The 100 Greatest Music Videos of All Time

75

Fatboy Slim, “Praise You” (Spike Jonze)

In his memorable home video clip for Fatboy Slim’s “Praise You,” Spike Jonze appears as Richard Koufey, choreographer for the fictional Torrence Community Dance group. No doubt hoping to incite controversy, Jonze & Co. put on a show before a line of people about to enter a movie theater. The theater’s manager greets the performance with unscripted rage, angrily turning off the boombox that blares Fatboy’s anthem. It is here that “Praise You” takes on a life of its own, questioning our refusal to tolerate street art that does not conform to elitist expectations. The only irony here may be that Jonze’s Being John Malkovich isn’t featured on the marquee.

74

Röyksopp, “Remind Me” (H5)

Directed by the design duo H5 (Herve de Crecy and Ludovic Houplain), Röyksopp’s “Remind Me” may just be the most depressing video ever made. Four minutes of diagrammatic sequences chart an anonymous British woman’s daily activities, from the second her eardrum perceives the sound of her alarm clock to the moment when her workweek ends. These graphical representations evoke the systematic nature of human activity and the inextricable means by which all life on Earth is interconnected. The clip’s overhead presentation suggests the presence of a higher being carefully plotting the mechanism that will make the world turn and, ultimately, strip humanity of its individuality.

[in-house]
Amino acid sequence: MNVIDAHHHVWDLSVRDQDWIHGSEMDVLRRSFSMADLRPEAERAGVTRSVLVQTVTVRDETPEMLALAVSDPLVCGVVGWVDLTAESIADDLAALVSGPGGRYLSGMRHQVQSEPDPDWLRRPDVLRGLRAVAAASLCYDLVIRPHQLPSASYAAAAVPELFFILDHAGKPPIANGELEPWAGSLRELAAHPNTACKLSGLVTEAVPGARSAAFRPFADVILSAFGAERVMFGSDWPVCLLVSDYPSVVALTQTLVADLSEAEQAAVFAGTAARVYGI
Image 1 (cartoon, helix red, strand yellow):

73

Bronski Beat, “Smalltown Boy” (Bernard Rose)

Directed by the design duo H5 (Herve de Crecy and Ludovic Houplain), Röyksopp’s “Remind Me” may just be the most depressing video ever made. Four minutes of diagrammatic sequences chart an anonymous British woman’s daily activities, from the second her eardrum perceives the sound of her alarm clock to the moment when her workweek ends. These graphical representations evoke the systematic nature of human activity and the inextricable means by which all life on Earth is interconnected. The clip’s overhead presentation suggests the presence of a higher being carefully plotting the mechanism that will make the world turn and, ultimately, strip humanity of its individuality.

72

Madonna, “Ray of Light” (Jonas Akerlund)

One of Madonna’s least conceptually complicated videos, “Ray of Light” finds the MTV icon gyrating before a backdrop of rapid-fire images inspired by Godfrey Reggio’s 1983 film Koyaanisqatsi. Both song and video served as a celebration of Madonna’s newfound spirituality and appreciation for life. She wails, “I feel like I just got home!” throughout but it’s the latter nighttime portion of the video—in which Maddy morphs through a traffic tunnel and lands at the heart of a San Francisco dance floor—that truly feels like a homecoming for the video veteran.

71

Sigur Rós, “Vidrar Vel Til Loftárasa” (Celebrator)

Celebrator’s clip for Sigur Rós’s “Vidrar Vel Til Loftárasa” is a daring, fairy-tale paean to impossible love, which observes the complicated relationship between two schoolboys in rural Iceland. Shot entirely in slow motion, this lyrical seven-minute clip fits the band’s signature brand of yoga-rock like a glove. Celebrator’s use of symbols (porcelain dolls, the Holy Bible) tragically evokes rituals of denial. At a school soccer-match, a preacher’s son returns a set of misbegotten dolls to a young boy tormented by his blue-collar father. The boy pleases his dad when he scores a goal but shocks the crowd by ceremoniously kissing his young lover on the lips.

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